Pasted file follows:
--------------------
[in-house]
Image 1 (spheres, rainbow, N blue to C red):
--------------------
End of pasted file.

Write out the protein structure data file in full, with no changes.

[in-house]
Image 1 (spheres, rainbow, N blue to C red):